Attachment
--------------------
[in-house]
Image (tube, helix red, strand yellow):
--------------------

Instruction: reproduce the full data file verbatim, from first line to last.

[in-house]
Image (tube, helix red, strand yellow):